MEC power rate up 7.5¢

Front pages from 1985, 1997 and 2008.

Journal 3/29/1985
P1 Fire destroys KITCO By Bill Graham Another historic Pacific retail landmark passed into history March 25, the victim of a devastating fire. Like MIECO here in Majuro, whose collapsed roof several years ago led to its eventual razing, and like the True Trading Company in Moen and the Western Carolines Trading Company in Koror, both of which burned down, the old KITCO Commissary is no more. The building, which until the fire housed the two dual outlets of G&L Enterprises Midtown Mini-Store and Video Rental Shop and Lloyd and Pat Muno’s Seven Degrees North and Cooler, was totally decimated by a roaring blaze which broke out just after closing of the two late night operations purveying TV tapes and ice cream to a regular and steady crowd. Once the headquarters of the Kwajalein Import and Trading Company’s burgeoning empire, the building had a long and glorious history since its construction in the 1950s. For many years, KITCO was THE PLACE to shop in Majuro, offering a wide variety of dry goods and food items. Together with MIECO, it bookended downtown Majuro. It was the first store to have a regular supply of frozen meat and the first to market fresh produce from Laura.

P11 Seiberling promises aid to Rongelap A delegation of four Rongelap representatives returned from Rep. John Seiberling’s March 14 hearing in Washington with the powerful lawmaker’s promise of economic aid for an emergency evacuation to Kwajalein and an independent radiological survey of Rongelap. Senator Jeton Anjain, Lijohn Eknilang, Billiet Edmond and Johnsay Riklon spent a week in the US capital lobbying for Congressional support of their planned evacuation from Rongelap next month.

Journal 2/28/1997
P3 School crisis
Kwajalein Mayor Wilmer Bolkeim is concerned that as many as 50 percent of Ebeye’s elementary age children may not be in school, and he wants to do something about it. The local government is keen to move forward on two fronts: establishing a new public elementary school to provide additional classroom space for Ebeye’s large population, and start the first public high school on the island.

P16 New LCU christened in Majuro The government’s new landing craft was blessed in a ceremony near the Weather Station Monday evening. Transportation Minister Kunio Lemari hailed the new ship, saying it was long the dream of former President Amata Kabua that three ships, including a landing craft, would be built and put into operation. The first two, Jukae and Ribukae, went into service earlier in the 1990s. The new LCU is named Jel Jelet Ae. The 140 foot LCU is the first vessel to be built locally by the Majuro Dry Dock and Slipway. “Most people who look at it don’t believe that we built it here,” said Ray La Force, who supervised construction. “Some people ask us, ‘how long did it take you to fix it?’ Fix it? We built it.”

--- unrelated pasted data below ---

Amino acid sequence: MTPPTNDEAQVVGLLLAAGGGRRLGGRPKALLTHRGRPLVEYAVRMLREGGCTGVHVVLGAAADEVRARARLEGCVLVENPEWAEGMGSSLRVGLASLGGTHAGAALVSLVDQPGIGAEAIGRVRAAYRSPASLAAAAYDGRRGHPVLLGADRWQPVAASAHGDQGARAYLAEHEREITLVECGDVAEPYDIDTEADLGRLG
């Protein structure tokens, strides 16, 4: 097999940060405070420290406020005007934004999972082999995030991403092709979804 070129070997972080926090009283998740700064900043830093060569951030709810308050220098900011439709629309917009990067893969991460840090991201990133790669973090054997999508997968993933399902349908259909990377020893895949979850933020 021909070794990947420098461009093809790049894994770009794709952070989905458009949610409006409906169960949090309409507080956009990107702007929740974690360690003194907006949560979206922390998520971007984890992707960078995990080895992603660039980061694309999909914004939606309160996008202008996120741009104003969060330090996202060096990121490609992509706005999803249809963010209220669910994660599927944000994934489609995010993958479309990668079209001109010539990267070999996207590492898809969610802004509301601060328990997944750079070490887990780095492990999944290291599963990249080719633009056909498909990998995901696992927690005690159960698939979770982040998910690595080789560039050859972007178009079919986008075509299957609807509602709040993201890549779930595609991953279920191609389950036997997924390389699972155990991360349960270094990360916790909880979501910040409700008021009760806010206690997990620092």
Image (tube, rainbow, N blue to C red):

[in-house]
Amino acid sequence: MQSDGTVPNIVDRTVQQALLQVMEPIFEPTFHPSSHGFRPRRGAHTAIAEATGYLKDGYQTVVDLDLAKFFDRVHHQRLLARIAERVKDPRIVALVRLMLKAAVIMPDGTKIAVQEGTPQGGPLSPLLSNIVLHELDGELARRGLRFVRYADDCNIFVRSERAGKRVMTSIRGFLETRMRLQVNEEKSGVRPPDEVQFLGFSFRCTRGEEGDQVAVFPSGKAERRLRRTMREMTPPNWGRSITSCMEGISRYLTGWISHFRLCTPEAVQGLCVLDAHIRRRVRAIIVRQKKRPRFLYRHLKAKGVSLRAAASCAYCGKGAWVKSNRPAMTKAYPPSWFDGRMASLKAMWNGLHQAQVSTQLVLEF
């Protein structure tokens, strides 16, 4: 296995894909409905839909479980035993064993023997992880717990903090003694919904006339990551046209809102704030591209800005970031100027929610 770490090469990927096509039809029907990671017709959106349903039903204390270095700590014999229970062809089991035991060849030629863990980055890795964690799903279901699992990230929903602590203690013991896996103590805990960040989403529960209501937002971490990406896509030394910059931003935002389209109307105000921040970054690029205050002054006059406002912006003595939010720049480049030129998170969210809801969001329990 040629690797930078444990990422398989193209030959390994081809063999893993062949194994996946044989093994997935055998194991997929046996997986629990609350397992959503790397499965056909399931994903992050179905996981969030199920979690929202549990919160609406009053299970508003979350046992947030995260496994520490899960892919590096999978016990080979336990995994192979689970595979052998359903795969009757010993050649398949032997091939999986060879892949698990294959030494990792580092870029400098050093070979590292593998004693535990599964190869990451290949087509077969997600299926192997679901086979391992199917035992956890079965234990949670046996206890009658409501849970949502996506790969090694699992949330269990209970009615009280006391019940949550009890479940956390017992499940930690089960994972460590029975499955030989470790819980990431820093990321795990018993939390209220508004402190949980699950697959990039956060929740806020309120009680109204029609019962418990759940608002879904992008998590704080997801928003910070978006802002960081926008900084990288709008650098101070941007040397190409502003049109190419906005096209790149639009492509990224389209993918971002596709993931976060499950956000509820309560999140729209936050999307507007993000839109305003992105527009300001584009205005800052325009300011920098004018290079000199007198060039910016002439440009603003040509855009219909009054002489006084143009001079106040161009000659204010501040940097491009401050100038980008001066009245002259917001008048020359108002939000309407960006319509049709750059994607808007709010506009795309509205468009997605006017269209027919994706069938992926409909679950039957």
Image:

P20 Canoe race bringing outer island racers Participants from more than 21 islands around the Marshall Islands will test their korkor (small sailing canoe) skills during the Marshall Islands Cup, May 1, according to Outrigger Marshall Islands Resort officials. The first-ever national race, sponsored by the Resort, will feature a four-mile men’s and women’s race, both starting and finishing at the new Outrigger property.

Journal 3/28/2008
P1 Power soars by 7.5 cents
The Marshalls Energy Committee announced its biggest power rate increase in its 22-year history that takes effect April 1. Rates for lifeline and residential will jump a whopping 7.5 cents per kilowatt hour, while government and business rates increase five cents a KW hour. Lifeline goes from 23.5 cents to 31 cents. Residential rates go up from 25.5 cents to 33 cents per KW hour. Business rates are being bumped from 34 to 39 cents, which government is going from 35 to 40 cents per KW hour. MEC blamed the increase on world market fuel prices, which rose to $132 per barrel in March, up from $106 in January.

P12 Next to the Best is great A group of women on Arno Atoll are very modest about their capabilities. So humble are these ladies that they named their group Atar Moman (Next to the Best). But Next to the Best may be a misnomer because they have just done something that no other club or non-profit group has done on an outer island here: they’ve taken the support of five donors and parlayed that into a sizable chicken and egg growing project in their community.


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